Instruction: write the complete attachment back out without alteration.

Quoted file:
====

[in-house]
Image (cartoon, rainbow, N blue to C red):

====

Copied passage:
[in-house]
Image (cartoon, rainbow, N blue to C red):